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Google Glass Startups Claim: Not Dead Yet

Google Glass Startups Claim: Not Dead Yet | Healthcare and Technology news | Scoop.it

Last week, Google GOOGL -1.44% announced that it’s shuttering its consumer-end operation for Google Glass. As of this week, the product is no longer available for purchase by consumers. For startups using Google Glass to revolutionize healthcare, that poses a problem, right? You’d think.

Not so, insist the entrepreneurs. They claim it’s good news. There’s still a huge opportunity in the enterprise market – that is, selling these funny computerized spectacles to businesses. Google is still working with a select group of ten “Glass Certified Partners,” listed on the company’s Glass at Work page. Four of them (AMA, Augmedix, Pristine, and Wearable Intelligence) are focused at least partly on putting Glass on the faces of physicians or other healthcare workers.


“Glass at Work has been growing and we’re seeing incredible developments with Glass in the workplace,” Google said in a prepared statement. “As we look to the road ahead, we realize that we’ve outgrown the lab and so we’re officially ‘graduating’ from Google[x] to be our own team here at Google.” That team will be helmed by Tony Fadell, whose last major project was co-founding Nest, the smart-thermostat company acquired by Google last year.

“Our accelerating expansion plans continue,” says Ian Shakil, chief executive of Augmedix, a startup that aims to help doctors automate medical recordkeeping via Glass. “Our supply of Glass v1 remains unaffected. Google’s support is unaffected.”

Just the day before Google’s own announcement, Augmedix announced the completion of a $16 million Series A funding round. But Pelu Tran, the company’s chief product officer (and a member of this year’s 30 Under 30 list in healthcare) said in a previous interview that this was the same path that smartphones followed. “We focus on providing a service delivered via Google Glass and I think that right now Google Glass is doing quite well in enterprise. If you look at Glass as a consumer and you look at what tablets are like and what smartphones are like, if you look at the early days, you see that they started in enterprise. For the next couple of years, that will be Glass.”

Chase Feiger, founder and director of business development at Wearable Intelligence, goes so far as to say the announcement is actually improving business. “Google’s announcement has and will continue to be beneficial to our business,” he wrote in an email, describing his belief that the company’s telemedicine product will improve from Google’s apparent doubling down on Glass products for the workplace.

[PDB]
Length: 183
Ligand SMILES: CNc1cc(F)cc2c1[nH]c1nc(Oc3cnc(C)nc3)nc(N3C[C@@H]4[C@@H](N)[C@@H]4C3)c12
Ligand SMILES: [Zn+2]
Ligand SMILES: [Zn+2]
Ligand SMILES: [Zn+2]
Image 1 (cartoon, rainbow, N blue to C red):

It’s been hard for these companies to explain to customers that the whole scene isn’t dead yet. “When that story came out, literally 200 people emailed me,” says Kyle Samani, founder and CEO of Pristine, which makes a product allowing doctors to share live video feeds through HIPAA-compliant channels. “It’s affected our business only in that people are like, ‘Kyle, is Pristine dead?’” It got so bad that the company soon put a large blue banner at the top of every page on its website to reassure both current and potential customers that everything will be fine.

Although not even enterprise-end companies know when the new version of Glass will be released, executives from Glass at Work companies say they’re still regularly making and receiving Glass orders from Google. Samani says his company buys the headsets from Glass’s enterprise arm “by the hundreds” on a regular basis. And if these companies’ – and Google’s – claims are to be believed, that trend should continue.


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Hype Around Healthcare Wearables Runs Into Reality

Hype Around Healthcare Wearables Runs Into Reality | Healthcare and Technology news | Scoop.it

Makers and boosters of wearable technology have had a few reality checks lately.

Late last month, while we Americans were enjoying the long Thanksgiving weekend and/or indulging in the Black Friday retail frenzy, Juniper Research over in the UK was putting out a report forecasting that fitness devices, not true health monitors would “dominate the wearables market” worldwide until at least 2018. Those likely will be of limited use in the wider picture beyond fitness.

“The key is making the devices provide meaning as well as data—counting steps is all very well, but will not keep consumers interested unless that information can be contextualized and made useful for them,” Juniper Research Analyst James Moar said in an interview with FierceMobileHealthcare.

On Tuesday, Dr. Joseph Kvedar, director of the Center for Connected Health at Boston-based Partners HealthCare, opened the annual mHealth Summit in Oxon Hill, Md., with a caution about “irrational exuberance,” according to several published reports.

As mHealth news reported, Kvedar said that nobody has figured out how to make consumers — patients — care about mobile health technologies. “And if we don’t [figure that out], m-health will be another tech bubble,” Kvedar was quoted as saying.